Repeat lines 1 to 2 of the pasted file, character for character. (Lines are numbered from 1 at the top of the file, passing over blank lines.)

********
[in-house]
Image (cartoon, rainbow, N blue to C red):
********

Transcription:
[in-house]
Image (cartoon, rainbow, N blue to C red):